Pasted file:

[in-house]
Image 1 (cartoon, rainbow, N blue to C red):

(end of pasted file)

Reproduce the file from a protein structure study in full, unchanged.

[in-house]
Image 1 (cartoon, rainbow, N blue to C red):